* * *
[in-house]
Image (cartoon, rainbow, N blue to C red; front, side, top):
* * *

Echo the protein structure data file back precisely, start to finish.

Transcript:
[in-house]
Image (cartoon, rainbow, N blue to C red; front, side, top):